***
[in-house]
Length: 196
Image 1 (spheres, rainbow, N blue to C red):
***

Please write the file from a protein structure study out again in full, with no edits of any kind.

[in-house]
Length: 196
Image 1 (spheres, rainbow, N blue to C red):